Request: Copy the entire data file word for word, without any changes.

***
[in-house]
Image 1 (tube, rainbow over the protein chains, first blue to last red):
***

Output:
[in-house]
Image 1 (tube, rainbow over the protein chains, first blue to last red):